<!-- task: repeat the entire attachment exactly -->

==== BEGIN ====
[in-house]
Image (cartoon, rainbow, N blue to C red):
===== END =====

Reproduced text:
[in-house]
Image (cartoon, rainbow, N blue to C red):